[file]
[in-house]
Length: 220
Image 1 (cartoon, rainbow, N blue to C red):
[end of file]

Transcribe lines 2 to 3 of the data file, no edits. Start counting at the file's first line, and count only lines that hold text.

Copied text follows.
Length: 220
Image 1 (cartoon, rainbow, N blue to C red):